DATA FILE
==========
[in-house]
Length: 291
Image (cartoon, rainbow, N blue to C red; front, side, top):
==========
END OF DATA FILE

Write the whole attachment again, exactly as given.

[in-house]
Length: 291
Image (cartoon, rainbow, N blue to C red; front, side, top):